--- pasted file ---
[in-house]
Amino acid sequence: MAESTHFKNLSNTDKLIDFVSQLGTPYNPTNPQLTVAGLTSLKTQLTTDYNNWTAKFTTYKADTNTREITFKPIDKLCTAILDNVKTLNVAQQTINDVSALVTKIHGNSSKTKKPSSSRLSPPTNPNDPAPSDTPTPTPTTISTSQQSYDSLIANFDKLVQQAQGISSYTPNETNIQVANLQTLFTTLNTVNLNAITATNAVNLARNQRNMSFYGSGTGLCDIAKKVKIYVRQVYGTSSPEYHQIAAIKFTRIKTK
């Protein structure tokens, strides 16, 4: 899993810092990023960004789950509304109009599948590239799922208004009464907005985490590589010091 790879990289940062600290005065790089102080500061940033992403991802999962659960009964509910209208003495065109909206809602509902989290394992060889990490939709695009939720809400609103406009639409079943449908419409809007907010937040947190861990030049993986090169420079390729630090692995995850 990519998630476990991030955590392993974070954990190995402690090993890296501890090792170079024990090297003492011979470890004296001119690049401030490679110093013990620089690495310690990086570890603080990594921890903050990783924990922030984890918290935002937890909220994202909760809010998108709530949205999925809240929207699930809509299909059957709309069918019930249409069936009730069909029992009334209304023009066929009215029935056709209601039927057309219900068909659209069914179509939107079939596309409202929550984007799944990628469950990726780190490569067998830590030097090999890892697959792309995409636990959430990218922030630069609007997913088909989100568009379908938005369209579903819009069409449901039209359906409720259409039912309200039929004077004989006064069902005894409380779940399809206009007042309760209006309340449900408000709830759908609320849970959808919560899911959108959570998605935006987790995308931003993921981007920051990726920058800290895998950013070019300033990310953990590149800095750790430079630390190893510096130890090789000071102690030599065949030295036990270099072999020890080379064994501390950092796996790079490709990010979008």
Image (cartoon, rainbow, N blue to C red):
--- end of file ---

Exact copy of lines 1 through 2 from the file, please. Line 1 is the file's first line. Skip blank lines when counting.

[in-house]
Amino acid sequence: MAESTHFKNLSNTDKLIDFVSQLGTPYNPTNPQLTVAGLTSLKTQLTTDYNNWTAKFTTYKADTNTREITFKPIDKLCTAILDNVKTLNVAQQTINDVSALVTKIHGNSSKTKKPSSSRLSPPTNPNDPAPSDTPTPTPTTISTSQQSYDSLIANFDKLVQQAQGISSYTPNETNIQVANLQTLFTTLNTVNLNAITATNAVNLARNQRNMSFYGSGTGLCDIAKKVKIYVRQVYGTSSPEYHQIAAIKFTRIKTK